Return to the Calvin homepage Return to the Knightfile homepage  
All things
 

 

Senior center leads by example
By Ross Weener
Ryan Smalligan
Senior Ryan Smalligan ranked second for the Knights in assists this year.

Although Ryan Smalligan wasn’t the star on his high school basketball team, Calvin head coach Kevin Vande Streek saw something in him that he liked. Four years later, the 6’ 8” product of East Grand Rapids (Mich.) High School was the focal point of the Knight defense, leading the team in rebounding and blocked shots.

“Ryan is a great testament to a player that wants to work really hard to be successful,” said Vande Streek. “We saw some things in high school that we really liked about Ryan. We knew that if he wanted to work hard, he could develop into a good player for us.”

Smalligan, who started in 26 games this year while missing the other three due to injury, has developed into the player that Vande Streek envisioned. He averaged nearly eight rebounds per game and amassed 54 blocked shots, ranking him among the NCAA Division III leaders in blocks per game. Smalligan also led the MIAA in blocks per game and was second in rebounding. At the conclusion of the year, he was named to the All-MIAA second team and received MIAA Player of the Week honors for his play in the MIAA tournament. In addition, Smalligan finished sixth on the Calvin career list for blocked shots, with 88.

While Smalligan excelled on the defensive end of the floor, Vande Streek called attention to his tri-captain’s role in the half-court offense. “Offensively, Ryan is a very good player; he is just not a scorer,” said Vande Streek. “He is a great passer and he understands the game — those kinds of players are very valuable to a team. You will see Dan Aultman, Kevin Broene or Chris Prins score, but almost always during that possession Ryan did something to help his team score a basket.”

Another little-known attribute about Smalligan is his ability to find open shooters either from the post or in transition. Smalligan ranked second for the Knights in assists, averaging 2.0 assists per game. Calvin’s aptitude to share the basketball made scoring easier for the Knights, who ranked among the NCAA Division III leaders in scoring average, with an average of 83.1 points per game.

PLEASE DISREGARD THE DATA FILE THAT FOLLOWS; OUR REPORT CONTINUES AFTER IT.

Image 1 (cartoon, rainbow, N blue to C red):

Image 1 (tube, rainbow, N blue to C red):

“It’s a big honor [to be a captain], and I have appreciated the whole opportunity to lead,” Smalligan said. “It’s a big responsibility because I know that the other guys are looking at me to see what kind of example I am setting.”

While the vocal leadership for the team was more likely to come from fellow classmates Broene and Prins, Vande Streek appreciated Smalligan’s leadership style. “The neat thing about Ryan has been his personal development,” said Vande Streek. “If you had asked me three years ago if Ryan was going to be a captain, I would not have thought that he had that assertiveness in him.

“But over the course of the summer he really took charge of some things,” he continued. “He is a very organized person and is the kind of guy that will make his teammates accountable. He is a leader by example and was a great complement to Kevin and Chris.”

With such a great academic and athletic reputation, Calvin was a good fit when he went searching for a school to attend, Smalligan said. “I was here for almost all of the home NCAA III tournament games in 2000, and I loved the atmosphere,” he said. “I was also interested in engineering, and Calvin has a great engineering program.”

Smalligan will graduate in May with an engineering degree and a concentration in chemical engineering. While graduate school is in the future, Smalligan wants to test the job market before going back for more schooling.